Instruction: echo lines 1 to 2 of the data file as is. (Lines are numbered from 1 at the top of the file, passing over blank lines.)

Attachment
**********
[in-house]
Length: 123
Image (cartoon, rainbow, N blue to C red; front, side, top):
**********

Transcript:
[in-house]
Length: 123